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Cold Spring Harb Perspect Med. 2019 Sep 9. pii: a036293. doi: 10.1101/cshperspect.a036293. [Epub ahead of print]

Precise Immunodetection of PTEN Protein in Human Neoplasia.

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Biocruces Bizkaia Health Research Institute, Barakaldo 48903, Spain.
Ikerbasque, Basque Foundation for Science, Bilbao 48011, Spain.
Department of Pathology, Cruces University Hospital, Barakaldo 48903, Spain.
Department of Tumor Biology, Institute for Cancer Research, Oslo University Hospital Radiumhospitalet, Oslo N-0310, Norway.
Department of Urology, University Hospital of Getafe, Getafe, Madrid 28904, Spain.
Clinical Department, European University of Madrid, Laureate Universities, Madrid 28904, Spain.
University of the Basque Country, Leioa 48940, Spain.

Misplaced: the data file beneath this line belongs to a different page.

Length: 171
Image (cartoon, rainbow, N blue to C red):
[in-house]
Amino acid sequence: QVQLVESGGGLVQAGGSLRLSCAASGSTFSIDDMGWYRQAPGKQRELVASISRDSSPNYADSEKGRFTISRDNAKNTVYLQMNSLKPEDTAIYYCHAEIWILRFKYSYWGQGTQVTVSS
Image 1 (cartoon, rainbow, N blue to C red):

PTEN is a major tumor-suppressor protein whose expression and biological activity are frequently diminished in sporadic or inherited cancers. PTEN gene deletion or loss-of-function mutations favor tumor cell growth and are commonly found in clinical practice. In addition, diminished PTEN protein expression is also frequently observed in tumor samples from cancer patients in the absence of PTEN gene alterations. This makes PTEN protein levels a potential biomarker parameter in clinical oncology, which can guide therapeutic decisions. The specific detection of PTEN protein can be achieved by using highly defined anti-PTEN monoclonal antibodies (mAbs), characterized with precision in terms of sensitivity for the detection technique, specificity for PTEN binding, and constraints of epitope recognition. This is especially relevant taking into consideration that PTEN is highly targeted by mutations and posttranslational modifications, and different PTEN protein isoforms exist. The precise characterization of anti-PTEN mAb reactivity is an important step in the validation of these reagents as diagnostic and prognostic tools in clinical oncology, including their routine use in analytical immunohistochemistry (IHC). Here, we review the current status on the use of well-defined anti-PTEN mAbs for PTEN immunodetection in the clinical context and discuss their potential usefulness and limitations for a more precise cancer diagnosis and patient benefit.

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